Does it really work? Chicken soup is the ultimate folk remedy for the common cold. With several research studies published on the effectiveness of the soup to relieve congestion and other cold symptoms, giving a bowl of chicken soup to your child also gets a thumbs-up from the medical community. “Yes, I recommend keeping children with colds well hydrated. Lots of liquids, even chicken soup, are good for them,” says Dr. Bernstein.
Homemade or from a can? Whether it’s the steam and soothing aroma of the warm soup, the added fluids, or the nutritious combination of chicken, veggies, and broth, why chicken soup works so well to relieve congestion and “perk up” a sick child is still a mystery. Medical researchers, however, are certain about one thing: Cold symptoms respond to both homemade soup and prepared chicken soup. This is great news if, in the middle of caring for a sick child, you don’t feel like spending lots of time in the kitchen cooking—canned soup works just as well.
Keep in mind: Only give chicken soup to babies and toddlers who already eat solid foods. If your baby eats mainly pureed food, puree the soup before serving. Heat the soup until it is very warm, but not hot, to avoid the risk of burning Baby’s tongue or throat. If your toddler is a very picky eater and refuses chicken soup, Dr. Bernstein recommends offering warm tea (try chamomile or peppermint) as a soothing alternative.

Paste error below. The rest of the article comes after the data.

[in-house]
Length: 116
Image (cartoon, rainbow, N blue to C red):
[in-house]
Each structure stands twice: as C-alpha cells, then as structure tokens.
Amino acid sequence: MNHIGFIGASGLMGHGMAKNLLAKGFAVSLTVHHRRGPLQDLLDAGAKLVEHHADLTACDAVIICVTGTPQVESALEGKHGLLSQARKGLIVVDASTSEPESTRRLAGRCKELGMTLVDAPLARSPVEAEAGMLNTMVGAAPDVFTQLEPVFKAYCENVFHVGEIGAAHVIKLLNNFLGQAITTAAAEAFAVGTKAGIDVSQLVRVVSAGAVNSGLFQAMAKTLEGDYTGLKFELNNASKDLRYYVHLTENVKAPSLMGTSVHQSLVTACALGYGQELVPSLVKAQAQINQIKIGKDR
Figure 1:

Comfort and TLC
How to administer: When caring for a sick baby, put extra effort into comforting your child and making her feel cared for and loved. Experts agree that positive parental attention distracts a child from the aggravation of a stuffy nose or congested chest. Creating a peaceful atmosphere also helps your baby to relax and rest. “I always tell parents that their time and attention are very important in caring and comforting their child who has a cold,” explains Dr. Bernstein.
Try cuddling in bed and reading stories together until your child drifts off to sleep. Temporarily move your baby’s crib into your bedroom so you are within arm’s reach when coughing wakens your little one during the night. Relax the TV rules a bit with your toddler and snuggle on the couch watching a movie or favorite show. These are all simple tactics, but a little comfort and TLC go a long way in helping your child feel well again.
Keep in mind: If job duties make it difficult for you to stay home from work several days in a row to care for your child, alternate days off from work with your partner. Grandmothers seem genetically wired to care for sick babies, but before you let grandma (or grandpa) come over to nurse your child back to health, experts recommend you make sure older caregivers have had an annual flu shot.
When to See the Doctor
Of course it’s OK to contact your doctor whenever you’re worried about your child’s health, but these are signs you should certainly have your child checked out:
- Prolonged or severe throat pain
- Ear pain, or tugging at the ears in a young child
- Vomiting or diarrhea
- Very congested cough
- High fever (>102) that does not go down after taking fever-reducing medicine
- Extreme lethargy that goes beyond a sick child’s just wanting to rest
- Difficulty breathing
Want to know more? Check out:
- When to Call the Doctor: A Guide for New Parents
- Caring for the Common Cold
- 8 Medicine-Free Cold & Flu Remedies
- Cough & Cold Medications Deemed Inappropriate for Kids Under 6
- Babble Cold & Flu Guide